Attack chaining and campaign analysis

Chaining attack characteristics over time to reveal campaigns

Threat intelligence should provide actionable information on the threat actor’s use of the cyber offense ecosystem and what the defender should look for in the cyber defence ecosystem. Context is important. Simply saying an IP or domain is bad doesn't really give much context. Help others understand the information provided. Consider information such as what stage of the cyber-attack lifecycle was the IP or domain used in (delivery, command and control, malware update server, exfil server, etc.), who is the registered owner of the domain or IP, what networks does it belong to, and where is the geographic location?

To counter this intelligence based active defence approach, the threat actor would have to spend more resources to change the methods of operations they are using which in turn could require chances to the technology they are using, which might require additional training of personnel to learn the new processes and technology.

The earlier in the cyber-attack lifecycle the defender stops the threat actor’s attack the lower it will cost the defending organization.

For analysing the cyber defence ecosystem, we are going to leverage the Plan, Do, Check, Act (PDCA) Cycle. This is an iterative four-step management method used in business for the control and continuous improvement of processes and products. It’s also known as the Deming circle/cycle/wheel, the Shewhart cycle, or as used in ISO-9001. More information on the PDCA four-step management method is available on Wikipedia.

Continuous improvement cycles

Continuous quality improvement with PDCA

I think this is a perfect method for active defence since we want to control the attack within the cyber defence ecosystem and to enable continuous improvement of an organization’s defences and increased resiliency to future attacks. When we apply PDCA in this methodology we get a four step method for active defence.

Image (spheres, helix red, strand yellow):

Plan – Plan active defence courses of action based on threat intelligence for each stage of the Threat Actor’s attack, consider both technical and process based mitigations and countermeasures for each layer of the Defender’s cyber defence ecosystem.

Do – Implement the intelligence based courses of action to mitigate and counter the Threat Actor’s attack and to increase the defender’s resilience to future attacks by this threat actor.

Check – Measure the quality of the threat intelligence and effectiveness of the mitigations and countermeasures over time. Track campaign detections, use measurement results to drive change for improvement across the people, processes, and technology areas that make up the cyber defence ecosystem.

Act – Provide feedback on the quality of the threat intelligence and effectiveness of the mitigations and countermeasures; take action to continuously improve the security and resilience of the cyber defence ecosystem.

Keeping with our colour coded visualizations, we can visualize the OODA loop combined with the PDCA cycle as follows:

The threat intelligence cycle

The threat intelligence cycle

We can visualize the complete cyber ecosystem attack analysis methodology together as a high-level overview as seen below. This also makes a great visual tool for discussing cyber threats and cyber-attacks as a group to help ensure a common understanding of the activity and use of the ecosystem.

Cyber ecosystem attack analysis methodology high-level overview

The attack analysis methodology

The key benefits of the cyber ecosystem attack analysis methodology are:

  • Takes a more holistic approach by considering the attack across both the threat actor’s cyber offense ecosystem and the defender’s cyber defence ecosystem
  • Enables the defender to better identify, chain, and track threat actors and campaigns over time
  • Enables a more resilient cyber defence ecosystem by having multiple chances to mitigate the attack as it processes from stage to stage across different layers of the ecosystem
  • Costs the threat actor considerable more to defeat layered intelligence based mitigations and countermeasures

Practicing good cyber hygiene and using the cyber ecosystem attack analysis methodology will reduce the defender’s cost per attack while increasing the threat actor’s cost to overcome it while helping organisations mature from a reactive, passive defence posture to a more resilient, proactive, active defence posture.

About this Article

This article was previously published on LinkedIn and is reproduced with kind permission of the author, Shawn Riley. Follow Shawn on LinkedIn.